UF/IFAS was a generous sponsor of FFAR’s Integrating Soil Biogeochemistry and Fertilizer Sciences to Improve Ecosystem Services Across Agricultural Landscapes Convening Event.
Why is research into enhanced efficiency fertilizers so important in our current agricultural climate?
Enhanced efficacy fertilizers (EEFs) are important to growers, environmentalists and legislators because of their ability to reduce nutrient loss. Soil nutrient loss can reduce yields and impact growers economically, but it can also cause significant environmental impacts.
EEFs increase the efficiency of nutrient absorption which means growers can use less fertilizer and increase yields. A win for the environment and the grower.
At UF/IFAS, we have researchers across the state identifying ways to improve fertilizer efficiency and reduce environmental impacts. Growers are often tasked with feeding more people with less. Less land, less water, less impact to the environment – and UF/IFAS is here to help them meet that goal. EEF research is just one part of the puzzle, but an important one.
What was the catalyst to join the BGC x Fertilizer Research Partnership?
One of the USDA’s goals is to increase crop production while simultaneously reducing fertilizer use.
UF/IFAS is one of the few organizations in the world with all the tools to achieve these seemingly divergent goals. Therefore, it’s essential we are involved.
How can partnerships between organizations like FFAR and UF/IFAS advance innovation in agriculture?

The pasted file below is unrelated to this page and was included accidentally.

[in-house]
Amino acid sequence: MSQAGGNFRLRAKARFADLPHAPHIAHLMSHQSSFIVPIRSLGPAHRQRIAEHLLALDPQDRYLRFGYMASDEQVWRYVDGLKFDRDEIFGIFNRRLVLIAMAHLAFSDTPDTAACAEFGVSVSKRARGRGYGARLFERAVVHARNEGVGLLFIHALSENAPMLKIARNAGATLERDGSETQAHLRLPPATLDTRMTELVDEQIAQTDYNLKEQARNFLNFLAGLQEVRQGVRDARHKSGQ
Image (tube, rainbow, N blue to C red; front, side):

Agriculture faces complex challenges that require innovative solutions. Partners like FFAR provide support for UF/IFAS researchers to use their time and talent to solve these complex issues. Additionally, working with FFAR allows UF/IFAS scientists to collaborate with research faculty across the country to develop creative and dynamic solutions to the most urgent problems.
About the Author
Scott Angle, Ph.D., Vice-President at UF/IFAS
Dr. J. Scott Angle is a national leader in developing the science that supports food production and management of natural resources. As chief executive of the agriculture and environmental sciences arm of a leading land-grant university, he champions public science as a path to improve lives and reduce human suffering.
Dr. Angle leads nearly 2,300 employees who work in all 67 Florida counties. UF/IFAS encompasses the College of Agricultural and Life Sciences, the Florida Cooperative Extension Service and the Florida Agricultural Experiment Station.